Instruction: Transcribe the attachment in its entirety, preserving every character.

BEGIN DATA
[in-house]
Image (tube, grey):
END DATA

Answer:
[in-house]
Image (tube, grey):